Amid the coronavirus pandemic, cybersecurity and fraud analysts have noted an uptick in “money mule” scams. Banks increasingly need to be on the lookout for the telltale signs of these scams.
A new infographic released today by the ABA Foundation and the Federal Trade Commission highlights “money mule” scams—a type of scam in which criminals use their victims to move stolen funds.
The Department of Justice has charged more than 400 defendants responsible for more than $1 billion in losses this year in the largest coordinated sweep of elder fraud cases in history, Attorney General William Barr and Chief Postal Inspector Gary Barksdale announced today.
Read more about the FTC’s findings View the FTC/ABA Foundation infographic
Consumers lost $201 million to romance scams in 2019, an increase of nearly 40% from a year prior, according to new data from the Federal Trade Commission’s Consumer Sentinel Network.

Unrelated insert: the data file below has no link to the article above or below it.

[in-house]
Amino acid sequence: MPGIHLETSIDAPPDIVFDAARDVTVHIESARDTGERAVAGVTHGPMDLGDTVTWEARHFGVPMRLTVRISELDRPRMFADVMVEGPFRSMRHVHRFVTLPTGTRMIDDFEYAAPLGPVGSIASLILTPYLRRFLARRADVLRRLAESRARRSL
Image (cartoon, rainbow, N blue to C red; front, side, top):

For a long time, AML, cybersecurity and fraud prevention were seen as have-to-dos and cost centers, says Juan C. Zarate. “Today, management of financial crime risk is now a fundamental part of banking.”
Impostor scams—in which scammers pose as representatives from the government or a well-known business, romantic interests or family members—were the number one type of fraud reported to the Federal Trade Commission’s Consumer Sentinel in 2019, the agency said today.
The nation’s banks stopped $22.3 billion in fraudulent transactions in 2018—almost $9 out of every $10 of attempted fraud—according to the American Bankers Association’s 2019 Deposit Account Fraud Survey Report released today.
The number of Suspicious Activity Reports related to elder financial exploitation has risen dramatically over the past several years, as seniors face increasing threats from both domestic and foreign actors, according to an analysis released last night by the Financial Crimes Enforcement Network.
As the population of older Americans continues to grow—and with seniors increasingly the targets of scams—a majority of banks are responding by offering training for frontline staff on how to prevent elder financial exploitation, according to the ABA Foundation’s second Older Americans Benchmarking Report released today.